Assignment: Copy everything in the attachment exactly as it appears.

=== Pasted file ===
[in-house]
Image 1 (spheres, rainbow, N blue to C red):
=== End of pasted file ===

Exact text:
[in-house]
Image 1 (spheres, rainbow, N blue to C red):